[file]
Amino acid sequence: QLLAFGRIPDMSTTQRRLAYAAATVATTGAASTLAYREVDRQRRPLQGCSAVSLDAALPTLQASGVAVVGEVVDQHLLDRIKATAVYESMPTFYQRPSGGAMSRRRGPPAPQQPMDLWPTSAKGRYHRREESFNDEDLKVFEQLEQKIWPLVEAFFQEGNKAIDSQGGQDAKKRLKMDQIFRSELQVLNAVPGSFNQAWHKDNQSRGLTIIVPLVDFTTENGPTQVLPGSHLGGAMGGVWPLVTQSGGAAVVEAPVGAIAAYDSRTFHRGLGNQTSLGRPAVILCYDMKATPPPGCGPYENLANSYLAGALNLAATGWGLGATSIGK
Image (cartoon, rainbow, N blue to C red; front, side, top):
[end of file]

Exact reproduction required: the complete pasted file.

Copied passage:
Amino acid sequence: QLLAFGRIPDMSTTQRRLAYAAATVATTGAASTLAYREVDRQRRPLQGCSAVSLDAALPTLQASGVAVVGEVVDQHLLDRIKATAVYESMPTFYQRPSGGAMSRRRGPPAPQQPMDLWPTSAKGRYHRREESFNDEDLKVFEQLEQKIWPLVEAFFQEGNKAIDSQGGQDAKKRLKMDQIFRSELQVLNAVPGSFNQAWHKDNQSRGLTIIVPLVDFTTENGPTQVLPGSHLGGAMGGVWPLVTQSGGAAVVEAPVGAIAAYDSRTFHRGLGNQTSLGRPAVILCYDMKATPPPGCGPYENLANSYLAGALNLAATGWGLGATSIGK
Image (cartoon, rainbow, N blue to C red; front, side, top):